The tax was introduced at $C 10 per tonne of CO2-equivalent and increased gradually by $C 5/tonne annually until it reached $C 30/tonne in 2012. British Columbia has committed to keep the rate at the $C 30/tonne level until 2018.

Helping the planet

B.C.’s carbon tax applies to emissions from the purchase or use of fuel in British Columbia, covering about 70% of provincial emissions. Since 2008, the tax has set a price signal to help transition to a low-carbon economy. By making renewable energy and energy efficiency options more affordable relative to fuels subject to the tax, it drives adoption of clean solutions. Business and individuals can reduce the amount they pay in carbon tax by reducing fuel consumption, increasing efficiency and using cleaner fuels and technologies.

Helping people

A common concern with carbon pricing is that it may have disproportionate economic impacts on lower-income households. B.C. addressed this by dedicating a portion of revenues to reductions in the first two personal income tax rates and the Low Income Climate Action Tax Credit. Existing analysis confirms that this measure mitigated any regressive impact of the tax.

The carbon price can disproportionally affect higher emitting industries for whom alternatives to fossil fuel use is particularly challenging. To alleviate this, B.C. has implemented innovative policies, such as the Greenhouse Growers Rebate Program and Cement Low Carbon Fuel Program.

The B.C. carbon tax also benefits the clean-tech/low-carbon sector by improving their competitive position relative to higher-carbon industries. This can help them secure financing and talent, and create companies positioned to service this market while addressing climate change.

The carbon price also provides an incentive to B.C.’s provincial public sector organizations to take action to innovate and reduce emissions, helping them to meet their commitment to carbon neutral operations since 2010.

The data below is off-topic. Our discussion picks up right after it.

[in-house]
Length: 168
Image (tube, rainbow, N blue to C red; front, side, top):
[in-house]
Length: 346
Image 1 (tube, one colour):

B.C.’s Climate Action Charter supports low-carbon communities. 182 local governments have signed the Charter, committing them to work towards becoming carbon neutral in their operations and building compact, energy efficient communities. The 182 signatories are entitled to grants equivalent to 100% of the carbon taxes they pay to support their greenhouse gas reduction efforts.

Spillover effect

Organizations such as the World Bank and the United Nations have identified B.C.’s revenue-neutral carbon tax as a model to follow. The carbon tax is a “text book” example of how to get carbon pricing right, says the Organization for Economic Cooperation and Development. Other jurisdictions across the world have either contacted B.C. to learn more about the tax or referenced B.C.’s success.

To encourage on-going change around the world, B.C. makes important alliances and partnerships. In 2016, B.C. signed on to the Pacific Coast Climate Leadership Action Plan, supporting work to account for the costs of carbon pollution and advance carbon pricing nationally and globally. B.C. recently renewed its membership with the Climate Group’s States and Regions Alliance, and is now one of 35 subnational governments working together to share expertise.

B.C. also advocates for strong balanced climate action through other partnerships, including the World Bank’s Carbon Pricing Leadership Coalition. The Coalition officially launched at COP21, with the goal to expand the use of effective carbon pricing policies that can maintain competitiveness, create jobs, encourage innovation, and deliver meaningful emissions reductions.